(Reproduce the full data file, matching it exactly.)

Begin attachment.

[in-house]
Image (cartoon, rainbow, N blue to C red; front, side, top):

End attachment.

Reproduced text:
[in-house]
Image (cartoon, rainbow, N blue to C red; front, side, top):